4 Quattro Megastars (Codemasters) Review | Zzap - Everygamegoing

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4 Quattro Megastars
By Codemasters
Commodore 64/128

 
Published in Zzap #87

The Codies are well known for releasing four-game packs, most of 'em brilliant, but what's the latest offering like? We gave Mark Caswell an elephant's trunk, an umbrella, a big foot and fiery breath (although he had most of them already!)...

4 Quattro Megastars

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Four games for less than a quid each sounds great value for money, but the only real goodie here is CJ's Elephant Antics. Columbus Jumbo is the pachydermal hero who's been kidnapped and is even now being transported to England from his African home. But, unknown to his captors he leaps out of the plane somewhere over France, and using an umbrella floats to the ground. Although the way home is fraught with many pitfalls and dangers, CJ's armed with plenty of peanuts and bombs. The graphics are great and the multi-directionally scrolling platform action's compulsive, especially in the novel simultaneous two-player mode.

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Next up is Sky High Stuntman where you become a budding Colt Seavers acolyte. Your name is Super Stuntman and you've been hired to star in the latest Steven Squealburgh movie. There are four scenes to be filmed, and you can bet your bottom dollar the stunts needed are only for the insane or suicidal. In a range of vehicles you're bombarded by the enemy forces, and only your skill as a stuntman can save you. Lights, camera, and action. It sounds spectacular but turns out to be just another B-movie standard vertically scrolling blaster. And a very difficult one, to boot...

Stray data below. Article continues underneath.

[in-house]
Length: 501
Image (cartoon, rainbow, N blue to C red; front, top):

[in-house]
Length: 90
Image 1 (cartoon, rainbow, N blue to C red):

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Bigfoot isn't a game about yours truly, but concerns one of them big hairy creatures like Chewbacca the Wookie from Star Wars. And the Bigfoot in question is having as many problems with women as me. His girlie has been kidnapped (who'd want to nab an eight foot tall Wookie lookalike is beyond me!). It's up to Mr Bigfoot to rescue her in a mediocre flickscreen arcade adventure.

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And finally, we have Little Puff. Dragons may be mythological in our world but in this game they're everywhere. The game starts with Little Puff's mum telling him not wander too far from home. It's Sod's Law that this is precisely what he'll do, and now he's lost. So Little Puff has to find the four parts of a pass to get into Dragon Land, whatever that is. These are in four envelopes, scattered around a barren, flick-screen play area with the odd object to pick up and use.

I'm sad to say that 4 Quattro Megastars is a bit of a letdown. It goes without saying that CJ's Elephant Antics is (expletive deleted) brill, both graphically and in the playability stakes. CJ is a cute character with a pile of problems (and problem piles judging by the way he walks!), and the game's so ace it's worth the three quid price tag alone. However, the rest of the games are less than satisfactory. Bigfoot and Little Puff are graphically poor arcade adventures that barely make the grade, while Sky High Stuntman is graphically competent, but the problem lies in control of the plane and the rate at which enemy bullets fly at your craft.

Mark Caswell

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